Embodied memories of trauma: oral history and archetypes

Research output: Contribution to journalArticleResearchpeer-review

Abstract

Through the analysis of interviews recorded with
Norma Holmes, a woman born in New Zealand in the
late 1920s from a French mother and a Chinese father,
this article considers how traumatic experiences are
recalled and shared by individuals though archetypical
and uncanny narratives. In particular, it explores the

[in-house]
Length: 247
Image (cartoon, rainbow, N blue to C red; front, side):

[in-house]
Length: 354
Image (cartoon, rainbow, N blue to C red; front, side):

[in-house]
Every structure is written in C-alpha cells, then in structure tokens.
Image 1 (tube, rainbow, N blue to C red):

surprising interrelation between Norma Holmes’ story
and the archetypical narratives analysed by Carlo
Ginzburg in his work on the witches’ sabbath. This
unlikely connection illustrates the need to acknowledge
the historical depth that oral storytelling of traumatic
events often carries. Phantasmatic and archetypical,
yet deeply embodied, memories and narratives should
be at the core of our understanding of the past, and how
it lives in the present.
Original languageEnglish
Pages (from-to)57-63
Number of pages7
JournalOral History Australia Journal
Volume41
Publication statusPublished - 2019

Keywords

  • Oral History
  • Migration
  • World War II
  • Trauma
  • Archetypes

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